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Study: Breast Milk May Not Be Enough for Babies

Breastfeeding infant

Are you doing your baby a disservice by not introducing sustenance other than breast milk in the first six months of life?

In what is sure to cause a bit of a stir in the breastfeeding community, the British Medical Journal has published a report that indicates babies may not exactly benefit from a steady diet of breast milk alone in the first six months of life.

Researchers found that delaying the introduction of solid foods and waiting to wean from the breast could increase the occurrences of food allergies and iron deficiency. While most experts have always recommending starting babies on solid foods at six months, this new study is saying four months might be even more beneficial. Furthermore, waiting until six months to introduce solids to a baby could mean the window for introducing new tastes like substance-rich leafy greens is too narrow, thereby leading to increased risks for problems such as obesity later in life.

The current guidelines, issued by the World Health Organization, have been in place for about a decade, and the study says they should remain in place for mothers in developing nations, as their access to clean water and proper baby food can be limited.

But there’s another side to the study, of course. Gillian Smith from the U.K.’s Royal College of Midwives told Sky News in Britain that digestion problems could occur as a result of early feeding because a baby’s stomach isn’t developed enough, according to MSNBC.com.

There are also those who believe that this study will “play into the hands of the baby-food industry,” and argue that some babies in developed countries die from inappropriate young child feeding, namely, the introduction of solid foods at too young an age.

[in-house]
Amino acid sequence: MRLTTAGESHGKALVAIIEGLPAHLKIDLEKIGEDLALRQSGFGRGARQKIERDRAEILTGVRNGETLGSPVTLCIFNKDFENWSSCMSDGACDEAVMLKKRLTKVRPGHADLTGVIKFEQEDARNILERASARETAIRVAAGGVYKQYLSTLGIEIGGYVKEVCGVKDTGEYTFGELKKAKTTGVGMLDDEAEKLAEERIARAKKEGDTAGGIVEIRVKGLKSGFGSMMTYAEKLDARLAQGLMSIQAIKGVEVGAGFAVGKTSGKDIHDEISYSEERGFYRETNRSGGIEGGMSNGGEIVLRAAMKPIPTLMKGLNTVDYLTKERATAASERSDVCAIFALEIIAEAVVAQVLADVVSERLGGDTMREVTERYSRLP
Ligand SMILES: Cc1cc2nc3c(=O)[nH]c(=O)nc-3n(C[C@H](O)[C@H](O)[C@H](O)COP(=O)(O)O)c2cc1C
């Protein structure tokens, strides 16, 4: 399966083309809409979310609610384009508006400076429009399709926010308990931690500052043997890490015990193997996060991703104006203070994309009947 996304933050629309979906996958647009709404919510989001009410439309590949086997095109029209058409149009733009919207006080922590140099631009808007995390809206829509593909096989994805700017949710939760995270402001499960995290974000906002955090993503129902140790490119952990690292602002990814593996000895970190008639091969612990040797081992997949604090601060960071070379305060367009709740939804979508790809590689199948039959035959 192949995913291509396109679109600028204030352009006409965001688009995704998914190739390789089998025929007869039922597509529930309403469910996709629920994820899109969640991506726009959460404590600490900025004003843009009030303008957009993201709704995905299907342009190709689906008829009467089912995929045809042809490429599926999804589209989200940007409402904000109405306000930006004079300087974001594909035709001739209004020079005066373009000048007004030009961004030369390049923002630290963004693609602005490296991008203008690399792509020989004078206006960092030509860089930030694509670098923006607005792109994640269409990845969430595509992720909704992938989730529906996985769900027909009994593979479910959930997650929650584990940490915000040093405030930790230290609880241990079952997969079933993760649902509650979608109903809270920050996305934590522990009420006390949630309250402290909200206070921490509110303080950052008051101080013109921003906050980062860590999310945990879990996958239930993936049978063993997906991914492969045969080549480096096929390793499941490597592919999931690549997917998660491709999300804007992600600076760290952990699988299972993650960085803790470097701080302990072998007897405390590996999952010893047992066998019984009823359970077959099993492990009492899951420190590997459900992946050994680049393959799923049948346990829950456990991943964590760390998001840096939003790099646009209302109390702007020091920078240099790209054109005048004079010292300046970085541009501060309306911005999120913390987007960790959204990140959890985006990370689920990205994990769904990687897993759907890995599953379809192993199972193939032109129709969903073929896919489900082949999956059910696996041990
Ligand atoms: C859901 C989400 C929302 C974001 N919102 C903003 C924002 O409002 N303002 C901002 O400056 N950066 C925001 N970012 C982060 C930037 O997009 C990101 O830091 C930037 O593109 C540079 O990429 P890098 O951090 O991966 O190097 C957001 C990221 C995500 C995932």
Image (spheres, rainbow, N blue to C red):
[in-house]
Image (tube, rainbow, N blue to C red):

Hopefully the debate that is likely to ensue will take into consideration the fact that food allergies have become a bigger issue in the past few decades — with solid researching showing that the introduction of key foods can help eliminate some allergy risks — and iron deficiency is not something to be taken lightly. I remember introducing rice cereal followed by certain fruits and vegetables to my daughter when she hit the four-month mark without an issue, but I know there are plenty of women who believe strongly that nothing but breast milk is appropriate in the first year of life. I don’t think there’s a single right answer for everyone; it’s certainly not a one-size-fits-all issue, and hopefully those who are strong breast milk advocates will at least take into consideration the scientific findings before deciding what’s best in the short and long terms for their babies.

Does this study change your opinion on when babies should be weaned from the breast and/or introduced to solids?

Image: Wikipedia

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